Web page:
What I have issues with is bypassing our humanity, our emotions are there to guide us and lead to compassion, awareness, and understanding. Denying that there is trauma/victimization here is not helpful and borders on sociopathy. Or believing that having negative emotions and thoughts is gonna screw you and everyone else is ludicrous. I’ve seen people that avoid negativity like the plague. Really? It’s built into human existence, we have negativity for a reason and to bypass our discomfort is to live in denial and unconsciousness. Compartmentalizing and denying the depths of our beings…where our truth lies. Where eventually that dark pit of denial comes around and wallops you exponentially in your all light and love a**. Bypassing and hiding behind positive psychology and detachment is only a bandaid at best.

So, yes in spirit all is well always, and we are spiritual beings, yet being human means we also live in the physical realm where there is pain, death, suffering, trials, and tribulations. It is helpful to explore different means of coping and to try to change the world for the better. What is NOT helpful is denying the full process of all the depths of our humanity and emotions. Or denying that there are indeed victims.

We, none of us are privy to absolute sight and knowledge of the totality of it all. We may catch glimpses and insights, but none of us can say we know for absolute certainty what the truth of all of this is? The more I live, the more I see that I really don’t know anything for sure, except that I have to trust my instincts and deep inner knowing more than anything else. And when you cut yourself off from any aspect of your feelings, then you cut yourself off from the truth. So though thought-stopping, being in the now, and thinking positively are tools for more freedom and peace, they are no substitutes for actually being fully present and feeling everything so we can live truthfully from the depths of our hearts, souls, and beings.  It’s how we have compassion, empathy, conscience, and caring, especially when it comes to looking out for ourselves.

So those alarm bells going off when I read Byron Katie? They’re there for a good reason.

People are more easily controlled when all happy and compliant, aren’t they? It is wonderful to be peaceful and loving, cooperative, but not when you are so disconnected that you are smiling blissfully while you’re being abused. I did that for a while there, trying not to hurt anyone while sacrificing myself. Finally loved me enough to stop playing martyr, to stop being a “good girl.” I don’t have to “love what is.” I can choose to go to a better place where loving what is doesn’t have to be manufactured by “turning it around.”  Sometimes “loving what is” keeps us stuck in an unloving environment. So I say it is better to be an activist sometimes. (Though I for one am overwhelmed by so many causes it’s difficult to choose these days).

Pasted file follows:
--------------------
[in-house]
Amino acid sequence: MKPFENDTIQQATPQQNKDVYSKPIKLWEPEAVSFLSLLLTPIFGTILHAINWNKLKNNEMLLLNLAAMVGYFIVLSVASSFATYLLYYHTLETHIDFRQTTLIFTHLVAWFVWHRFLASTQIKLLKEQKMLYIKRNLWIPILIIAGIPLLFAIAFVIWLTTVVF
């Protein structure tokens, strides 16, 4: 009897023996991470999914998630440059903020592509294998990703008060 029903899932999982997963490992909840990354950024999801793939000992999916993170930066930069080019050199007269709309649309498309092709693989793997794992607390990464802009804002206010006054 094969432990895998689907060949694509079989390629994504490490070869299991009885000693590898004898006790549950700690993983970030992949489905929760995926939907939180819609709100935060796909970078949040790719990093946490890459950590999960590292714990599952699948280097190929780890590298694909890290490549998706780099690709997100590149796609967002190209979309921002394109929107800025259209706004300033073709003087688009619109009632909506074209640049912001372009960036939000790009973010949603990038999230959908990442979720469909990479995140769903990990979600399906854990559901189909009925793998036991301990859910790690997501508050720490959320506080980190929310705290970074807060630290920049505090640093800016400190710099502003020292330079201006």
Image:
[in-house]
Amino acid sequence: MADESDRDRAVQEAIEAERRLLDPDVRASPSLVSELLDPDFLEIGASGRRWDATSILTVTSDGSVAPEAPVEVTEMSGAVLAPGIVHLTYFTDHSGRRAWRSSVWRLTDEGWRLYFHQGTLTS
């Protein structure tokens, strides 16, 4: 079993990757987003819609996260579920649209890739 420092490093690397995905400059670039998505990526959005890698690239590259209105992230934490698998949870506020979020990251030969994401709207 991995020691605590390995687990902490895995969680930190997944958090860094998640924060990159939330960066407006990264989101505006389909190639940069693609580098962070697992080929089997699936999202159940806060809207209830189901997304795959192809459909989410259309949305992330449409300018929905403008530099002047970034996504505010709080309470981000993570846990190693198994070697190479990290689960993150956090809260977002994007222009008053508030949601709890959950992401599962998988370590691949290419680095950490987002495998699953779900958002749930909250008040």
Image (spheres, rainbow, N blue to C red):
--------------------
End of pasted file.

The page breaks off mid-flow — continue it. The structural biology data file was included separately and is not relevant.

Speaking of being a “good girl?” Recent events have shown me that times really haven’t changed very much at all. I have been questioning so many aspects of our so-called modern-day, progressive living. I feel blindsided. That’s another reason I am more and more skeptical of some of our spiritual practices and self-help tactics. To see only the “good” in people often comes at a high price while being human. Looking for the good in people and spinning everyone in a positive, forgiving light? Is that me projecting? What’s true? What I’ve seen is people can be liars and chameleons. So we need to be more realistic  in discerning if we should “love what is.” We can accept or love what is, but that doesn’t mean we have to sit there and take it. There is an objective reality after all. 🙂

I am feeling a bit done, can you tell? heh 🙂

Michelle Miyagi
Hi! I was an RN, BSN in mental/behavioral health for 27 years. Now I'm helping empower caring people like me to prioritize themselves by maintaining healthier boundaries for more freedom, peace, and joy. I am also active in Long Covid advocacy.